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With respect to motive:

I occasionally get the impression that it is, or seems to be in the minds of many, odd and somewhat unusual for me to find it necessary to go to new and unfamiliar places. Why is my mind composed in such a way that not only do I not mind the culture shock and disorientation of going somewhere new, but I enjoy it?

It is a fundamental aspect of my personality that I have always found encountering new information to be one of the most enjoyable experiences that I know of. This first manifested itself in my life shortly after I learned to read; once I had the trick of it, I could hardly stop. I read through the children’s section of my library in its entirety before I was old enough to check out books from the adult’s section. I read enough during elementary school that I was personally banned from bringing novels to school. At that point, I started reading encyclopedias. However, I preferred stories to nonfiction; they tended to be more engaging. Even now, I read just under a book per week; the slowdown is more due to the fact that the novels are more substantial, and that I have less free time than I once did, than to any reduction in rate. Additionally, I now have the Internet to provide me with a number of daily comics, journals, and news sites in addition to the fiction reading for fun.

Given that I can be considered something of an information junkie, it is unsurprising that I would enjoy the new experiences and associations formed by moving somewhere new. However, it doesn’t explain why I go as far as I do, why I’ll actually structure substantial portions of my life around the intention of moving somewhere exotic for the simple experience of being there.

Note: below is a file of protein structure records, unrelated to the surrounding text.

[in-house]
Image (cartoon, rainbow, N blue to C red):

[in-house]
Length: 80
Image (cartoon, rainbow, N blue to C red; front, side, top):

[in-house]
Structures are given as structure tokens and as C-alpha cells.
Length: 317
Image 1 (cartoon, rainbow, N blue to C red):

The explanation for that comes from two sources. The first is that when you look at the novels and other books that I’ve read, the most common theme about the main characters is that they are interesting people. This makes sense, given that it is very difficult to write an interesting (thus, well-selling) book about a boring main character. Reading about hundreds of interesting people, though, has instilled in me the ambition to become an interesting person myself. Some routes to being interesting are unavailable to me: it is unlikely that I will be granted or given access to magical, mysterious, or otherwise obscure magical powers or advanced technology. Likewise, I’m fairly happy with my past; I wouldn’t really want to trade it in for an interesting but unhappy one. However, there are some routes to being interesting that I can pursue, and among those are ‘acquiring an extensive education’ and ‘doing many interesting things’. I have nearly completed the first step in acquiring an extensive education; I’m certainly not going to stop once I graduate, though I will slow somewhat. That’s because at that point, I can proceed to the second step of doing many interesting things. The easiest of the many interesting things that I could do is to go to many places and experience the differences there. Thus, I must travel.